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I stole from my clients by accident...

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The Washington Times reports that D.C.'s highest court has just disbarred one Reginald J. Rogers, who stole hundreds of thousands from one client, a 91-year old widow, and apparently stole more money from other clients. The lawyer declined to explain his behavior at the disciplinary hearing, then had the chutzpah to say he should not have been disbarred, since he is also being criminally prosecuted for the theft. Sorry, but the court does not need to wait for a criminal conviction to determine whether the lower standard of proof of an ethical violation has been satisfied.

Rogers' defense at the criminal trial will apparently focus on testimony from a forensic psychologist who is "of the opinion that Mr. Rogers never intended to cheat his clients, to harm them financially or to gain financially at their expense." Sounds like the classic "I borrowed her life's savings from my 91 year old client, but in my mind I expected one day to reimburse her" defense.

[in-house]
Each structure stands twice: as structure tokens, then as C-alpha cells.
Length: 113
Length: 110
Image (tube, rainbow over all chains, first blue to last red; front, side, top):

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Rafael Mangual
Project Manager,
Legal Policy
rmangual@manhattan-institute.org

Katherine Lazarski
Manhattan Institute
klazarski@manhattan-institute.org

 

Published by the Manhattan Institute

The Manhattan Insitute's Center for Legal Policy.